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The Best Strategies to Invest Your Money Wisely

Laura answers a podcast listener's question about how to invest money for higher returns. Find out how much and where to put your money so you create financial security without taking too much risk.

By
Laura Adams, MBA,
April 13, 2016
Episode #445

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Best Strategies to Invest Money WiselyIn order to reach big financial goals—like having enough for a comfortable retirement—you’ve got to invest money on a regular basis as early as possible. But investing also means that you could possibly lose money.

The potential for investment risk creates a tension that keeps many people from getting started investing in the first place. Or they they may save money in an ultra-safe place, like a bank savings account, that only earns fraction of a percent each year.

I recently received a question from an anonymous Money Girl Podcast listener about this topic. She or he says, “I have about $20,000 sitting in a savings account losing value. I haven’t put it in an IRA because I’ve been worried that I’ll need the money. But I’m also worried that I’ve waited too long to start investing because I’m in my early 40s. If I go ahead and max out an IRA, how should I invest the rest?”

In this post I’ll answer the listener’s question with recommendations for how to invest money wisely. You’ll know exactly how much and where to put your money so you create financial security without taking too much risk.

Free Resource: Laura's Recommended Tools—use them to earn more, save more, and accomplish more with your money!

What Money Should Be Invested?

There’s one rule of investing that you should always remember: Never expose your money to more risk than is absolutely necessary to accomplish your goals.

That means you have to take a step back and be clear about why you’re investing in the first place. It’s critical to know when you’ll need to spend the money you plan to invest, because that determines what you should do with it.  

If there was no risk to getting a big return on your money, everyone would run to the highest-yielding investments. But high return investments usually bring higher risks, so they need to be used carefully.

For instance, a stock mutual fund with an 8% average return over the previous 12 months is riskier than a bank savings with a guaranteed 0.5% return. If the financial markets decline, you might earn much less than you expected from the mutual fund—but the savings account has no volatility and will always pay a reliable, but very low, return.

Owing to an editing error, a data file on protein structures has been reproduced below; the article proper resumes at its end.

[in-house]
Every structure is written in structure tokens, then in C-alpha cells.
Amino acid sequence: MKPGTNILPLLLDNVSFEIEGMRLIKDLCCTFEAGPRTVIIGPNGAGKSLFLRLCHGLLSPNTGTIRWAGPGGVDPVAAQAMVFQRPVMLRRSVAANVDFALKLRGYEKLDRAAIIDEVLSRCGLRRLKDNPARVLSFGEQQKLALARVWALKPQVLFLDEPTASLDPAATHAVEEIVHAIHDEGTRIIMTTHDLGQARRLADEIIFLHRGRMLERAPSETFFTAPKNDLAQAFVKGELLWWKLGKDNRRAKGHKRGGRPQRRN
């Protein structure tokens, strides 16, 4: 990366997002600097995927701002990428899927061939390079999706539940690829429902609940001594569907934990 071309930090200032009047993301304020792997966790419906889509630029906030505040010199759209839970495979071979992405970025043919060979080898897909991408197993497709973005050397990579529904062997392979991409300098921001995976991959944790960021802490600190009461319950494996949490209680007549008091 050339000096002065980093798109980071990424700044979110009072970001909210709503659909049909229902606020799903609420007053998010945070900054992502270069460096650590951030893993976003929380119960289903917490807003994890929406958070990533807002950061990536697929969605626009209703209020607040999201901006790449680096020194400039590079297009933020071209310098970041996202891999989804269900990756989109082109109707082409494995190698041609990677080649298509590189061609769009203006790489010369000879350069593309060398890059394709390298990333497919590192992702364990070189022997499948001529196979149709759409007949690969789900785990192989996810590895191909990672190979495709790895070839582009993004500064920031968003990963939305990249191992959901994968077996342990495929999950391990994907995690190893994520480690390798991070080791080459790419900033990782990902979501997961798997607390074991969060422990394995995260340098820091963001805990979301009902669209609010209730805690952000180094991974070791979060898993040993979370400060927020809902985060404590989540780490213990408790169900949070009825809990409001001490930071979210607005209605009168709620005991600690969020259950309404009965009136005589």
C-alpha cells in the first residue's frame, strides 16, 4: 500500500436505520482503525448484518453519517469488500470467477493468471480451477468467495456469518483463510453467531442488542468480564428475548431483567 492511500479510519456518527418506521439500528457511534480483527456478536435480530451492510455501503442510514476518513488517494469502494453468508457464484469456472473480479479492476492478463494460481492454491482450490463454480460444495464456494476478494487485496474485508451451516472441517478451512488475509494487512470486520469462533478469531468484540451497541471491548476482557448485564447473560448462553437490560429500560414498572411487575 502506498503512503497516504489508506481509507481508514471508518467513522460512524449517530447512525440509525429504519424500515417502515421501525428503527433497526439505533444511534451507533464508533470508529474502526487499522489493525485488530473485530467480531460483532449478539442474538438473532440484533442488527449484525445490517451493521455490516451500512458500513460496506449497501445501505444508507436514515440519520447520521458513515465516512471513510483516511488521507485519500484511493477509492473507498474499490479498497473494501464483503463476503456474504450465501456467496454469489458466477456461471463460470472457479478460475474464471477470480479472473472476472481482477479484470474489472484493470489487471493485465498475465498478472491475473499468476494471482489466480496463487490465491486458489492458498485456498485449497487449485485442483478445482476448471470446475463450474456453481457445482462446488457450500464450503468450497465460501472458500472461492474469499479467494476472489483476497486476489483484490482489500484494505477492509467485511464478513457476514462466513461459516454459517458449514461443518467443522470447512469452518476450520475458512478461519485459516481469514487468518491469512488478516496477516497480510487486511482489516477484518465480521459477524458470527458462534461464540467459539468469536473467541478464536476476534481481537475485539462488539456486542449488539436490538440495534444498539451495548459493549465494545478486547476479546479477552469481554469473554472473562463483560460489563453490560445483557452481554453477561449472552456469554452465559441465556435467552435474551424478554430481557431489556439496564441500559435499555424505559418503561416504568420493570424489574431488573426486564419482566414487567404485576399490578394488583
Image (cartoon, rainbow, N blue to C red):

It’s critical to know when you’ll need to spend the money you plan to invest, because that determines what you should do with it.  

If your long-term goal is to have a nest egg that allows you to stop working and to maintain your existing lifestyle in 20 or 30 years, keeping money in a safe place—like a savings account or a low-yield CD—simply won’t get you there.

For example, if you save $500 a month in a bank account with an average return of 1% over 30 years, you’ll accumulate about $200,000. But if you invest the same amount over 30 years with an average 8% return, you’ll have close to $750,000 to spend. That could make the difference between scraping by or being comfortable in retirement.

Therefore, taking calculated investment risk is an important part of your financial life. Without it, your money won’t grow fast enough to achieve your long-term goals. Keeping money safe and cozy in a low-interest savings account stunts its potential and doesn’t give it the opportunity to grow.

The reality is that not taking enough investment risk might actually be the riskiest move of all! That’s because you could fall short of your goals or run out of money during retirement.

Whether you avoid risk intentionally or have simply been procrastinating investing, the result could be devastating to your financial future. So I’d encourage the anonymous podcast listener to get started investing as quickly as possible. I’ll explain where to invest in just a moment.

See also: 8 Tips to Invest Without Too Much Risk

What Money Should Be Saved (and Never Invested)?

But what about short-term goals, like building an emergency fund, buying a car, or putting a down payment on a house in a few years? As I mentioned, the timing for spending your money determines what you should do with it.

The money you want to use for short-term goals should not be exposed to market volatility. In other words, money that you might need to access quickly should never be invested because there’s a real possibility that an investment could drop in value at the moment you need it.

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